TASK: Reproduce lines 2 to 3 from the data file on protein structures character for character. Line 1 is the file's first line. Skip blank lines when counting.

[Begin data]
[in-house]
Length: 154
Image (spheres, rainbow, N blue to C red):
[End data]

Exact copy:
Length: 154
Image (spheres, rainbow, N blue to C red):